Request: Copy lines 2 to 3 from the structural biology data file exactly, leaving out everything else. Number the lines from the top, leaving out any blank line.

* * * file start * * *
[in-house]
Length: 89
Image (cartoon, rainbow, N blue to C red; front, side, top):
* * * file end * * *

Length: 89
Image (cartoon, rainbow, N blue to C red; front, side, top):